Malt is an essential ingredient in beer production. It impacts beer quality, production costs and profitability. The local brewer can choose from a large list of maltsters to supply this important ingredient and therefore requires a thorough understanding of the local malting industry and the merits of the various barleys on selection.

Malt Industry

Malt demand is primarily driven from the brewing industry. Demand has increased three fold in the past decade from 880 thousand Tonnes in 1990 to an estimated 2.7 million Tonnes in 2000. Based on beer production growth rates, an additional 135 thousand Tonnes will be required annually.

There are currently 274 trading maltsters in China however this number could be much larger due to many small breweries having their own maltings. Less than half the maltsters would be considered real commercial operations with less than 20 having capacities in excess of 20,000 Tonnes. Many of the larger maltings are joint ventures with international companies.

The malting industry is also going through a massive transformation from small state owned operations to large regional malting companies. The industry has been insulated from international competition due to the 30% importation duty for malt compared with 3% for barley. Like the beer industry, the malting industry has excess capacity and combined with intense competition also has low profitability.

The technical capabilities of the malting companies vary significantly from simple floor operations to advanced tower maltings. Local climatic conditions play a significant role on malt quality and consistency with many companies lacking refrigeration to cater for the hot, humid summer conditions. For example, water temperatures can vary from 5 to 30C (depending on the time of year) influencing steeping times from hours to days thus impacting malt conformity and consistency.

The maltster also faces the challenging task of dealing with a large selection of barley varieties. China has at least thirty barley varieties (5) and together with the imported barleys, the maltster has the unenviable task of understanding the optimum malting conditions for each variety that will satisfy customers’ requirements. Barleys that are easy to malt are looked upon favourably.

Barley Industry

China produces approximately 6 million Tonnes of barley annually but only 1 million Tonnes is suitable for the malting industry with the majority of the crop used for stock feed and about 20% for food. Barley cultivation is widespread with the main growing regions being the Central Provinces of Jiangsu and Zhejiang (5). Other areas include the Yellow and Huai River regions in the northern parts of China. Winter barley, grown in the central regions, is the preferred local barley for malting as it generally has lower protein levels than it’s northern counterparts. Chinese malting barleys typically have lower germination rates, lower extracts, and higher B-Glucan content compared to internationally recognised malting barleys.

The competition for arable land from urban development and other food crops results in much of the barley crop being produced in semi arable land or as a rotation crop for the more important rice and wheat crops. The majority of the farming is intensive, small acreage with issues around crop purity and consistency impacting overall quality. Harvesting can be a manual process with threshing as basic as dispersing the crop over the nearest road, left to dry and threshed by the passing traffic. The remaining grain is swept up and bagged. The government has financed broad acreage state owned farms in the northern regions with the intention to meet the growing demand for malting barley however suitable varieties are required to achieve acceptable malting grades.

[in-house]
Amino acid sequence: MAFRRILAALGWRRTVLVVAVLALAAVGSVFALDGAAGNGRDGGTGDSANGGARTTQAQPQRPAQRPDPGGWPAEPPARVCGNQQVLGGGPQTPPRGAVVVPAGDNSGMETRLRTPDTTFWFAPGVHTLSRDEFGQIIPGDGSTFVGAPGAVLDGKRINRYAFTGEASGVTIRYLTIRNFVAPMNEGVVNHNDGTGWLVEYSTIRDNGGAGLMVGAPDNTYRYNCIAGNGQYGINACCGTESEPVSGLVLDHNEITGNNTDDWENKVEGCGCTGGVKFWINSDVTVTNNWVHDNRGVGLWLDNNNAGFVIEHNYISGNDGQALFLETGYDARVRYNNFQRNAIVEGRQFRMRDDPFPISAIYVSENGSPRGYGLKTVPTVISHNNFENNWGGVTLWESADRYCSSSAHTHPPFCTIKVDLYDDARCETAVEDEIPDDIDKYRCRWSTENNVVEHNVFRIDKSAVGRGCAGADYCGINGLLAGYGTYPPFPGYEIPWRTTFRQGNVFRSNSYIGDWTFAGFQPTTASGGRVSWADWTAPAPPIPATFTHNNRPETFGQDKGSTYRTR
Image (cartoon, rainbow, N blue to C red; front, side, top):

Although barley has been cultivated in China for thousands of years, breeding programmes are relatively new with the first program commencing in the early 1980’s. Initial breeding projects were essentially governed at national and provincial levels involving various scientific academies with project initiatives based on local requirements. Cooperative breeding programs have recently been initiated with other countries, including France and Japan, specifically focused on malting grade barley varieties.

To meet the current malting barley shortfall, China relies on importing in excess of 1.5 million Tonnes of malting grade barley. This barley is sourced from Australia, Canada and Europe (mainly France). In the past, imported barley was governed by COFCO (China National Cereals, Oils and Foodstuffs, Import and Export Corporation) who had the sole say in which barley was purchased. Today, anybody with an import and export licence (which includes the major maltsters) can import barley.

Conclusion

The Chinese brewing industry is fragmented, highly competitive with excess capacity. This places pressure on pricing and overall profitability. The consumer is demanding higher quality product at cheaper prices.

Malt is a key ingredient in beer manufacturing impacting quality and cost. It can be sourced from a list of maltsters of varying technical capabilities using local and internationally sourced barleys. Each variety has its merits from a quality and cost perspective.

The Brewer relies on advice from the maltster in the selection of appropriate malt to satisfy local brewing conditions with the trend towards blending cheaper, poorer quality malts with premium grades. The brewer also uses previous production experience in assessing the merits of malts sourced from different suppliers. In this environment barley that is easy to malt and brew has a significant advantage.

The challenge for the barley producer is not only supplying a high quality product but also marketing and educating the maltster on the optimum processing conditions to satisfy the brewers’ malt requirements. Of paramount importance is to establish a close relationship with the key decision-makers in the supply chain, as this will have a significant influence in the purchasing decision.

Acknowledgments

I would like to thank Lion Nathan for allowing me to present this paper and to my colleagues at Lion Nathan China for assistance in the preparation of this paper.

References

1. Foote A. (1999) Bev. World Int. July/Aug. 52.

2. Rodwan J. (2001) Brew. Bev. Ind. Int., 2, 19 – 21.

3. Ying C. (1990) Brauindustrie, 75 (1), 58 – 59.

4. Asia Pulse, 3 April 2000.

5. Zhang Wujiu (1996) Proc. I.O.B. Conv. (Asia Pac. Sect.) 24, 99 – 102.